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There's something very appealing about an exercise routine you can do in a tank top and a sarong.
That's how instructor Beth Lane dresses for "The Method: Afro-Brazilian Cardio," a total-body workout that features high-energy dance steps with African and Brazilian flair. The live drumming and Lane's tropical wardrobe help to make this program feel like a night out at the dance club, not an exercise routine. And that's certainly a plus.
So is the DVD format, which makes it easy to jump among the disk's three workouts without waiting for all that troublesome rewinding.
"Afro-Brazilian Cardio" is a 43-minute program split into three segments. There's a quick, all-purpose introduction and three 14-minute routines, each increasing in difficulty.
All three feature the same format. Lane and her class of eight exercisers - six women, two men - begin with a warm-up that focuses on flexibility. There are hip rolls, shoulder shrugs, slow kicks and other moves designed to warm and stretch the muscles.
In each segment, Lane teaches a series of dance steps, then slowly blends them into a routine. The steps are lively and fun, with names like "cow kicks," "sowing seeds" and "watusi twist." The steps have a pleasing earthy quality, and it's completely appropriate to perform them with a sense of freedom and abandon.
Because the moves are mostly free-form, Lane tends simply to demonstrate the steps rather than explain them in detail. This is an unorthodox way to lead a routine, but in this case, it works fine.
It also helps that Lane leads her group through the moves many times, so that you can hone your technique and master the rhythms.
Although the moves aren't difficult to learn, they're surprisingly strenuous, with lots of high-impact kicking, twisting and hopping. Lane and her class perform the moves barefoot, which might be difficult for those with knee or back problems.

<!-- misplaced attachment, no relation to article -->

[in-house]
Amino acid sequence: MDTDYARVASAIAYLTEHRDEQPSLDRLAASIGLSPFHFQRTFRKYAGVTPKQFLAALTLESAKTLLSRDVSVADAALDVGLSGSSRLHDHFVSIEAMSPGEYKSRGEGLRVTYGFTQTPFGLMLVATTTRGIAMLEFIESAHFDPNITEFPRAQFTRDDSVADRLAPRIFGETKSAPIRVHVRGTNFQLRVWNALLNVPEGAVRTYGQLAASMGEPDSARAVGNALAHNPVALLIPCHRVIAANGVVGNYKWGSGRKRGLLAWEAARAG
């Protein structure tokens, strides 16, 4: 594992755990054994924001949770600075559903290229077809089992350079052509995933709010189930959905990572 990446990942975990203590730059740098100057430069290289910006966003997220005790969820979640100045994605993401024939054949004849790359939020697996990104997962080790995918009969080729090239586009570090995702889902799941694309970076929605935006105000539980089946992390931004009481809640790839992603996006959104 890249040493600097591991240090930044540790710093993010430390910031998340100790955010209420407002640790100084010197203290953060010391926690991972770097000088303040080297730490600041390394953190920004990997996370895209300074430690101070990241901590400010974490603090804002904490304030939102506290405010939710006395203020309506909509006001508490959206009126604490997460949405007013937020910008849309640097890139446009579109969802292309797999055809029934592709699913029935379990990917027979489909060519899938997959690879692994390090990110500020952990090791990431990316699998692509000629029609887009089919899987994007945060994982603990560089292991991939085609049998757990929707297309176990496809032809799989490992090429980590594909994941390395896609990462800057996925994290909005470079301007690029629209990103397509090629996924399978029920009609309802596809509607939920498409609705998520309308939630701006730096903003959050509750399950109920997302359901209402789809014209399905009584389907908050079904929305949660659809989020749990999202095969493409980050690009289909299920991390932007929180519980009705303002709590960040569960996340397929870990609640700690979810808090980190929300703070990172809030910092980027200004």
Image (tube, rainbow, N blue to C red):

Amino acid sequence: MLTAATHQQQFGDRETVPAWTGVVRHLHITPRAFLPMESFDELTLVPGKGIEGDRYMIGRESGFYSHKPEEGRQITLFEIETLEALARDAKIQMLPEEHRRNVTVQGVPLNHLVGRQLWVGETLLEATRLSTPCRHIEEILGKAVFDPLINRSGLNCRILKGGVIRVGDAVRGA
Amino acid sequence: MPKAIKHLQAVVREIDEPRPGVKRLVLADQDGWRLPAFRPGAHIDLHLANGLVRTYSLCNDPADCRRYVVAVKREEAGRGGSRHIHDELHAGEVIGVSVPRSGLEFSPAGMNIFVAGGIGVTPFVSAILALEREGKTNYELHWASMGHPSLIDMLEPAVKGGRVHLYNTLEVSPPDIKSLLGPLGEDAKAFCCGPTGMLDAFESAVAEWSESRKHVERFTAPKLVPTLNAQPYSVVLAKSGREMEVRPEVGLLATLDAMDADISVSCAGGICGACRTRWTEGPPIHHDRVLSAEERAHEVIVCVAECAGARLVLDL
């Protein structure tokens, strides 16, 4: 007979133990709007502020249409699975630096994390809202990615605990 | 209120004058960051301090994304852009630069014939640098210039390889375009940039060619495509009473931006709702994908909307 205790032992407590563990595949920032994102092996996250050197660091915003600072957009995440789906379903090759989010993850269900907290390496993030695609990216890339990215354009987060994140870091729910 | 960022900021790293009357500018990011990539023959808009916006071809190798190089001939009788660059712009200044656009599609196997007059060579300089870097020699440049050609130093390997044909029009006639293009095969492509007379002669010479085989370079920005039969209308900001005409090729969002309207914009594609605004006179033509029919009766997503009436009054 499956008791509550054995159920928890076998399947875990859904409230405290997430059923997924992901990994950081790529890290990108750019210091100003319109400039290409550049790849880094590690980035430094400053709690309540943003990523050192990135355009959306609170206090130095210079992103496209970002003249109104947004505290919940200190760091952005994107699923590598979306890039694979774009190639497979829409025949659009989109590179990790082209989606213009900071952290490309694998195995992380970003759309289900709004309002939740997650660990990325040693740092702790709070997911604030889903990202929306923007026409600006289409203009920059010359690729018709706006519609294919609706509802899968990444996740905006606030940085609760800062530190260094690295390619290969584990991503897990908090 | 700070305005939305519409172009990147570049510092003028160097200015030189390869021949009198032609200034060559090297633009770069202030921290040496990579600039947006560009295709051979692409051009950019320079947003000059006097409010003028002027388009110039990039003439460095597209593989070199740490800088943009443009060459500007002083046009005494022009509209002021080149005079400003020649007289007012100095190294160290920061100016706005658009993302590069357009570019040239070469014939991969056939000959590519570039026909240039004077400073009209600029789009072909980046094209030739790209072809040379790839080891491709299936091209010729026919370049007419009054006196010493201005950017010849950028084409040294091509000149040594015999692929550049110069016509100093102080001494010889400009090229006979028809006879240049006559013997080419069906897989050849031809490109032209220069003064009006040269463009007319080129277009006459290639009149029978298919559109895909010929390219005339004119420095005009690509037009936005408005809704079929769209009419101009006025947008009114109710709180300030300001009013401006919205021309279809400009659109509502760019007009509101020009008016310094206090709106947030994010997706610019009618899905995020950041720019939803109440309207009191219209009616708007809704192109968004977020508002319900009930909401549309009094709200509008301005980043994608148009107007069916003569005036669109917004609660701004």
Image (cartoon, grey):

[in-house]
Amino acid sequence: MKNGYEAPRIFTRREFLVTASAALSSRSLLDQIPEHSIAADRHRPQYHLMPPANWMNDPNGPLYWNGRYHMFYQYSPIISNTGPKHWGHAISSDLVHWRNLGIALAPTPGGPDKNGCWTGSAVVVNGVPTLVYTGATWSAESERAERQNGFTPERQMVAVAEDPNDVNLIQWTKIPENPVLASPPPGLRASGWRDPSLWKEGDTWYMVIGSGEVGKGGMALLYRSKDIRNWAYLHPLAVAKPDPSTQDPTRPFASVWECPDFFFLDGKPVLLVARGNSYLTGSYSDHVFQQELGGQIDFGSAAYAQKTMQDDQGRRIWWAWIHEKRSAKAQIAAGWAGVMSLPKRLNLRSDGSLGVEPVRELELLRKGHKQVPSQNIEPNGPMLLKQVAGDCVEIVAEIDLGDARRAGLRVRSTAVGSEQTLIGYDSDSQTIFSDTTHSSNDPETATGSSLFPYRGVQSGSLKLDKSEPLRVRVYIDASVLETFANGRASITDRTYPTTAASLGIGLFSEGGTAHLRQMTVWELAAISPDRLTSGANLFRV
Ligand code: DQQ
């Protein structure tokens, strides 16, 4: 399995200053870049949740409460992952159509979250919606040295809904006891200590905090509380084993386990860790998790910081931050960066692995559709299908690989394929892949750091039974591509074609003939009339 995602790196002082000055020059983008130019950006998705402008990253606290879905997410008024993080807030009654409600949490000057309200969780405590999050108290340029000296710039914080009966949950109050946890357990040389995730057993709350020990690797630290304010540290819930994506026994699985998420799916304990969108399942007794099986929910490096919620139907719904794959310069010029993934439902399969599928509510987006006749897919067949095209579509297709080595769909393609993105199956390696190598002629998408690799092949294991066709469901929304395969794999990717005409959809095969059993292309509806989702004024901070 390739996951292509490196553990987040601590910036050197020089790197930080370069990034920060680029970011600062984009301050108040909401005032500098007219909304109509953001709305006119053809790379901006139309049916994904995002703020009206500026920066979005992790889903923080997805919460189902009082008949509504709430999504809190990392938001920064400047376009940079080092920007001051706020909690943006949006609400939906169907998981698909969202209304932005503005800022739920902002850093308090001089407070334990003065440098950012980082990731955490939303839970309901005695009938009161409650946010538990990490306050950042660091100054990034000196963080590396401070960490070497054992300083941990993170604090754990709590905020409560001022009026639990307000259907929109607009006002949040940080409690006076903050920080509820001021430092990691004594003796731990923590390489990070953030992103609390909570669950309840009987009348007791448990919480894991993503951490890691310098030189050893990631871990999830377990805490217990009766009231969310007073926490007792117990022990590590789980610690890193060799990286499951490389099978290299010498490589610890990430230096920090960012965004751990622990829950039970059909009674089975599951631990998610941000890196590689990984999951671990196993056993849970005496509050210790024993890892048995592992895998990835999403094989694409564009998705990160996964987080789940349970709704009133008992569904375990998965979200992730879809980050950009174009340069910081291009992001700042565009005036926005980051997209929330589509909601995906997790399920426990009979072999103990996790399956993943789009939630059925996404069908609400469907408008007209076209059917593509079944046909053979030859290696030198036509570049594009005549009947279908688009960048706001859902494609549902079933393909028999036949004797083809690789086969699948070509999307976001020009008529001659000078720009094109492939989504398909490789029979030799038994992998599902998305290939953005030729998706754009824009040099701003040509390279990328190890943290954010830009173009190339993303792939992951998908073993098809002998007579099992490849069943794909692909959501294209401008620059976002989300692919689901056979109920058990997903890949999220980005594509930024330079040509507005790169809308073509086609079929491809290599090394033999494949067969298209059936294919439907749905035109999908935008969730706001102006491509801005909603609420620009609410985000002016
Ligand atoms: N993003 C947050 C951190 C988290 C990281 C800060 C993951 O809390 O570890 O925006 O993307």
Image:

Traditional athletic shoes will be too cumbersome for the quick steps of this routine, so if you want additional foot support, it might be a good idea to invest in lightweight dance or fitness shoes with pliable soles.
This is one aspect of the routine that could have used some modification, with some of the exercisers doing a low-impact version or performing easier steps. At the very least, Lane should have offered some tips for making the high-impact moves a little less jarring to the bones and joints.
The routine's format, with three brief segments, seems a bit curious until you realize how exhausting 14 minutes of kicking, twisting, hopping and stepping can be. You won't mind a bit when the cool-down comes around, as it will give you a few minutes to relax, get your breath back and prepare for the next segment.
You'll need to get through all three segments to really work your complete body, but even in short doses, "Afro-Brazilian Cardio" is a good way to inject some variety into a fitness program that has lost its oomph.
(c) 2003, Detroit Free Press. Distributed by Knight Ridder/Tribune News Service.